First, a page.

BGs often show a complex kinetics, including inhibitory effects of substrate and activating effects of inhibitors. The substrate inhibition caused by the competing hydrolysis and transglycosylation to substrate reactions is well recognized [8–10]. This type of substrate inhibition is easily detected because of the breakdown of Michaelis–Menten saturation kinetics. Another inhibitory effect of substrate can be seen in nonproductive binding, which competes with the productive binding of substrate. Since, in this case, the Michaelis–Menten saturation kinetics holds, the effects of nonproductive binding are often overlooked. A kinetic peculiarity of many BGs is the activation of enzyme by inhibitor at low-to-moderate concentrations followed by inhibition at high concentrations. The most common explanation to this phenomenon is the transglycosylation to inhibitor, and, indeed, in many cases, the transglycosylation products are observed in reactions containing inhibitor [19, 26]. However, the activation by inhibitor has been reported also for BGs which do not produce transglycosylation products with inhibitors . The competition of glucose with substrate for binding to the enzyme-substrate complex has recently been proposed to be responsible for the glucose activation of a mutant BG of T. reesei . The activation by inhibitor has also been explained by assuming the presence of an allosteric regulatory binding site for inhibitor [21, 39]. In this study, we demonstrate that activation by inhibitor can be accounted for by a simple competition of inhibitor with the nonproductive binding of substrate without assuming any allosteric effects or conformational changes in protein (Figs. 2, 3, 4). Obviously, the transglycosylation to inhibitor was also able to account for the activation when the rate constant for transglycosylation reaction was higher than that for hydrolysis (Fig. 3). In both cases, the activation was manifested by the increase in apparent k cat with the increasing inhibitor concentration. The increase in apparent K m counterbalanced the increase in k cat, so that k cat/K m always decreased with increasing inhibitor concentration. Therefore, the activating effect was seen only at substrate concentrations around or above K m when studied in coordinates of v i /v i=0 versus [I] (Figs. 2, 3, 4). Such an increase of the activating effect of glucose and xylose with the increasing pNPG concentration has been described for GH1 BG of Humicola insolens . In the literature, the increase in k cat and K m of BGs with increasing glucose concentration has been reported [19, 21, 26, 30, 63]. In some studies, the decrease of k cat/K m with increasing glucose concentrations is observed , whereas in others, a little change or a slight increase of k cat/K m is observed [19, 21]. The effects of inhibitors on k cat/K m also seem to depend on the nature of sugar inhibitors  and substrate . Although detailed studies of allosteric effects were beyond the scope of the present work, we note that the transglycosylation to inhibitor can result in the increase of k cat/K m with increasing inhibitor concentration when the presence of separate “transglycosylation-mode”-binding site is assumed for inhibitor. In these analyses, we further assumed that the transglycosylation-mode-binding site is accessible to inhibitor only in the productive enzyme-substrate complex and not in the other enzyme forms (Additional file 1: Fig. S4).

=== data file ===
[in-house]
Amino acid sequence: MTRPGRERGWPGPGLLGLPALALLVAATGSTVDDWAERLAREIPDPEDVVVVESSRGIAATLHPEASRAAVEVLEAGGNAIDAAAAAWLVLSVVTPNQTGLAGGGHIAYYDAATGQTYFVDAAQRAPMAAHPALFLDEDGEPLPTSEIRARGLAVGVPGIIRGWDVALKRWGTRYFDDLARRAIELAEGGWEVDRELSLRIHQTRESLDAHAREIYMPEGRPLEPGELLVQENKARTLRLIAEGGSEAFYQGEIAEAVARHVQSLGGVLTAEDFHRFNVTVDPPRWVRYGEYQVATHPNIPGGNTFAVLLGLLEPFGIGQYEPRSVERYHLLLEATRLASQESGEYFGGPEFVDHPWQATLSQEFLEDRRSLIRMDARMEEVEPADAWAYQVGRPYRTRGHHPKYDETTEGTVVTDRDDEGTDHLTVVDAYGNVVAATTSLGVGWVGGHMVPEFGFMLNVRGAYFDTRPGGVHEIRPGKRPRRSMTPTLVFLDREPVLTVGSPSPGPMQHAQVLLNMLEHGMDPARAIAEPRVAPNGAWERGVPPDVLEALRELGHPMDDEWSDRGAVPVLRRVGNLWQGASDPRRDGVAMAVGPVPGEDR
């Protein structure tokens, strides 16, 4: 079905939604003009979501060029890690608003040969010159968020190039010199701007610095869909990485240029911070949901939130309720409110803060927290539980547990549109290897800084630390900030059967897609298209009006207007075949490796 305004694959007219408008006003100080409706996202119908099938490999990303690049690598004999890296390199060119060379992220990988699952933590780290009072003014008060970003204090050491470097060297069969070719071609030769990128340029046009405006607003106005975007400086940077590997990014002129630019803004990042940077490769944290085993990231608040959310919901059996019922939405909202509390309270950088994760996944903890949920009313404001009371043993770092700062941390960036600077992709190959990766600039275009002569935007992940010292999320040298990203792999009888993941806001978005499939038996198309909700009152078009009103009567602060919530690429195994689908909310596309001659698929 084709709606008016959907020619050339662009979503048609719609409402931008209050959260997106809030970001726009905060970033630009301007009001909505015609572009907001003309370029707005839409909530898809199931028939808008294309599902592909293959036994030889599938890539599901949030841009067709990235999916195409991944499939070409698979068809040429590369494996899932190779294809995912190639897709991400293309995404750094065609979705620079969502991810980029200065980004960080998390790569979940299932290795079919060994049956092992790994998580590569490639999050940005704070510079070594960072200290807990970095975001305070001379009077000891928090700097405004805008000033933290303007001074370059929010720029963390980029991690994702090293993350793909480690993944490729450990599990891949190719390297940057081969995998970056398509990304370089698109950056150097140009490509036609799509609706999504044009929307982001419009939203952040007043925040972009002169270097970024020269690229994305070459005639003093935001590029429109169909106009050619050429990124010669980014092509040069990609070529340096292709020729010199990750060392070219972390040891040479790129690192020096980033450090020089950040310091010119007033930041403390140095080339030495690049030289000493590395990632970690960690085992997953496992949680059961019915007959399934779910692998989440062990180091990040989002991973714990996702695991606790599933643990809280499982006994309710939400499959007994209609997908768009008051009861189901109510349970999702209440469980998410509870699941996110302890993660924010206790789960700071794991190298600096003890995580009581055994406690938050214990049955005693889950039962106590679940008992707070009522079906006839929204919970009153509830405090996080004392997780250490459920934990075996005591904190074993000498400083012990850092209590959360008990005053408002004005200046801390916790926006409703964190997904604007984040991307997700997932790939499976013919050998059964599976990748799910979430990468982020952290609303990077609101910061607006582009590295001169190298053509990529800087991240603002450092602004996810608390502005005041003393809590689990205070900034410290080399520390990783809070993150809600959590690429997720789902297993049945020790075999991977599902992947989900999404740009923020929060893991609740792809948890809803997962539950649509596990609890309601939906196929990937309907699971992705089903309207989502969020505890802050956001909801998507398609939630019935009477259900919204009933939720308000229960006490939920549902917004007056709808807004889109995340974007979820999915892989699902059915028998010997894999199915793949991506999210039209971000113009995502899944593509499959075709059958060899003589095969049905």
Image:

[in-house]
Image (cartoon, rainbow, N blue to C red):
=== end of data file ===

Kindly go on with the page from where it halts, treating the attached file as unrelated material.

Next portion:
The BGs showing glucose activation belong to a group of BGs referred to as glucose tolerant BGs. These BGs are mostly, but not exclusively, gathered to the GH family 1. Compared to the shallow substrate-binding cleft of GH3 BGs, the active site of GH1 BGs rests in the bottom of a deep and narrow cavity . Such active site architecture has been proposed to limit the access of glucose to the glycone-binding site and confer the glucose tolerance . Whatever is the underlying mechanism, the amino-acid residues responsible for the glucose tolerance are proposed to be located in the aglycone-binding site [40, 64, 65]. In the context of the effects of the nonproductive binding of substrate reported here, it is important that the structures of GH1 BGs show the presence of more than one aglycone-binding subsites [30, 40, 66–68]. In the structure of H. insolens BG in complex with glucose, the glucose is bound at the aglycone-binding site +2, suggesting the strongest interaction with glucose in this subsite . The strongest interaction with glucose unit in +2 subsite is also reported with rice BGs [67, 69]. Strong interactions with glucose in subsite +2 are expected to result in the nonproductive binding of substrate and thus a possible activation by glucose through the competition with nonproductive binding. With this mechanism, it is expected that mutations that reduce the binding strength in +2 should reduce the nonproductive binding of substrate and hence increase both k cat and K m with no change in k cat/K m. We note as a caveat here that the contribution of the competition of inhibitor with the nonproductive binding of substrate in the inhibitor activation not only depends on the relative affinities of the different binding modes but also on whether and which subsites are interacting (Fig. 2). Regardless of other plausible alternatives, it is tempting to speculate that alterations in the nonproductive binding of substrate upon mutations are at least partly responsible for the effects of mutations far from the catalytic residues observed with many BGs [55, 63, 70–73]. Contrarily to H. insolens BG in the structures of BG Td2F2 , and BG of Paenibacillus polymyxa  glucose is found in the binding site −1. With Td2F2, the transglycosylation to inhibitor has been proposed to be responsible for glucose activation [19, 30]. The unequivocal evidence for the contribution of transglycosylation can be provided by measuring of the concentrations of all hydrolysis and transglycosylation products. This has been done for some fungal BGs, but only the transglycosylation to substrate and not to inhibitor was addressed [9, 10]. To the best of our knowledge, the rigorous quantitative analysis of the products resulting from the transglycosylation to inhibitor (glucose) has been made only for BG Td2F2 . The analyses made here suggest that the mechanism of the inhibitor activation is related to the rate-limiting step in the absence of inhibitor. The transglycosylation to inhibitor did not result in activation when the rate-limiting step was enzyme glycosylation. In this case, the activation could be explained by the competition of inhibitor with the nonproductive binding of substrate. The opposite was true when the rate-limiting step was enzyme deglycosylation (hydrolysis of the covalent glycosyl-enzyme intermediate). Using experiment set-up where only the hydrolysis is possible, there is no concentration dependencies, and the nature of the rate-limiting step cannot be assessed using kinetics measurements at steady-state. However, the nature of the rate-limiting step can be revealed by including measurements in the pre-steady-state regime. In these studies, the chromogenic model substrates, like pNP-sugar derivatives, are often used. In the case of fast glycosylation and slow deglycosylation (more precisely, a slow step after glycosylation), the initial release of aglycone follows the so-called burst . BG from Agrobacterium circulans shows no burst in the release of aglycone when studied with pNPG substrate, suggesting that the glycosylation is the rate limiting step . Similar conclusions have been made for the xylanase of Bacillus circulans  and α-amylase from Bacillus subtilis . It is also worth noting that the glycosylation-limited reaction of a wild-type enzyme can be turned to a deglycosylation limited by the mutagenesis of enzymes [74, 75]. Using the steady-state measurements and concentration dependencies (transglycosylation to substrate), Bohlin et al. found the rate constants for the formation of glycosyl-enzyme intermediate and its breakdown by hydrolysis and transglycosylation for six fungal, GH family 3, BGs . With all BGs, the values of glycosylation rate constants were lower than those of deglycosylation by hydrolysis and transglycosylation. However, the difference between the rate constants was not large enough to assign the glycosylation as the sole rate determining step . When both, glycosylation and deglycosylation, steps have significant contribution in controlling the rate, the activating effects by inhibitor are also expected to involve both, the effects of competition of inhibitor with the nonproductive binding of substrate and the effects of the transglycosylation to inhibitor. Clearly, more detailed kinetic and structural studies are required for uncovering the mechanisms of the activation of different BGs by inhibitors.